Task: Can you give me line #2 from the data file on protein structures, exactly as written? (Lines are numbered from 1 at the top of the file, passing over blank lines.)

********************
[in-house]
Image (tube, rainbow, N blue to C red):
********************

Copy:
Image (tube, rainbow, N blue to C red):